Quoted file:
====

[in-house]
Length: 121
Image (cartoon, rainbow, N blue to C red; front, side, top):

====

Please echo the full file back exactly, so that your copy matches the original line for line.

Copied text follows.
[in-house]
Length: 121
Image (cartoon, rainbow, N blue to C red; front, side, top):